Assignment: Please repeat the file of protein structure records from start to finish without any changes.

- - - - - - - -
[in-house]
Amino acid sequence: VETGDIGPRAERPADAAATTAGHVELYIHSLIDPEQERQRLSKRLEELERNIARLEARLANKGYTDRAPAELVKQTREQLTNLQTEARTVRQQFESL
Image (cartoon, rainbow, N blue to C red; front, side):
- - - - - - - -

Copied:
[in-house]
Amino acid sequence: VETGDIGPRAERPADAAATTAGHVELYIHSLIDPEQERQRLSKRLEELERNIARLEARLANKGYTDRAPAELVKQTREQLTNLQTEARTVRQQFESL
Image (cartoon, rainbow, N blue to C red; front, side):